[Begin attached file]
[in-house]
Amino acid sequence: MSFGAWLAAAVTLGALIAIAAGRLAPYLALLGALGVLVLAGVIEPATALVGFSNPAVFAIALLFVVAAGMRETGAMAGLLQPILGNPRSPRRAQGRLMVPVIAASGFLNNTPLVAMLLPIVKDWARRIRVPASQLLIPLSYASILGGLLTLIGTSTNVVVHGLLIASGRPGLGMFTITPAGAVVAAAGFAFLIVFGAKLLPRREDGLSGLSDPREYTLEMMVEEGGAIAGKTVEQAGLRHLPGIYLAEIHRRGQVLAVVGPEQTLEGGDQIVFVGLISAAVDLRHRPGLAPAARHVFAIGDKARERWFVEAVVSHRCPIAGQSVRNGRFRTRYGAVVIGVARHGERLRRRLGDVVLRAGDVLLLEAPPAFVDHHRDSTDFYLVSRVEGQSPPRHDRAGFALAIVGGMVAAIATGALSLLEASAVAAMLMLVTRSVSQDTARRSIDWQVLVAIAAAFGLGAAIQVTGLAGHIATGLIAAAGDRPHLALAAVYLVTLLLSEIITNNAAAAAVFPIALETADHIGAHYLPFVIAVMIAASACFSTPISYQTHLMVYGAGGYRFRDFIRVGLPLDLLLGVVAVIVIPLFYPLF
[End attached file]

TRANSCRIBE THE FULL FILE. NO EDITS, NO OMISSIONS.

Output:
[in-house]
Amino acid sequence: MSFGAWLAAAVTLGALIAIAAGRLAPYLALLGALGVLVLAGVIEPATALVGFSNPAVFAIALLFVVAAGMRETGAMAGLLQPILGNPRSPRRAQGRLMVPVIAASGFLNNTPLVAMLLPIVKDWARRIRVPASQLLIPLSYASILGGLLTLIGTSTNVVVHGLLIASGRPGLGMFTITPAGAVVAAAGFAFLIVFGAKLLPRREDGLSGLSDPREYTLEMMVEEGGAIAGKTVEQAGLRHLPGIYLAEIHRRGQVLAVVGPEQTLEGGDQIVFVGLISAAVDLRHRPGLAPAARHVFAIGDKARERWFVEAVVSHRCPIAGQSVRNGRFRTRYGAVVIGVARHGERLRRRLGDVVLRAGDVLLLEAPPAFVDHHRDSTDFYLVSRVEGQSPPRHDRAGFALAIVGGMVAAIATGALSLLEASAVAAMLMLVTRSVSQDTARRSIDWQVLVAIAAAFGLGAAIQVTGLAGHIATGLIAAAGDRPHLALAAVYLVTLLLSEIITNNAAAAAVFPIALETADHIGAHYLPFVIAVMIAASACFSTPISYQTHLMVYGAGGYRFRDFIRVGLPLDLLLGVVAVIVIPLFYPLF